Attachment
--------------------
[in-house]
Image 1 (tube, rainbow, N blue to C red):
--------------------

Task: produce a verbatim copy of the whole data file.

[in-house]
Image 1 (tube, rainbow, N blue to C red):